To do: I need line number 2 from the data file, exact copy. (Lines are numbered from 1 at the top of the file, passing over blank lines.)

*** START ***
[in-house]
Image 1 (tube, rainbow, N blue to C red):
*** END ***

Image 1 (tube, rainbow, N blue to C red):